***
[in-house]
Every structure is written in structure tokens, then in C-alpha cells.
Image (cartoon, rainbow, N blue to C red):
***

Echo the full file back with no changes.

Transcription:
[in-house]
Every structure is written in structure tokens, then in C-alpha cells.
Image (cartoon, rainbow, N blue to C red):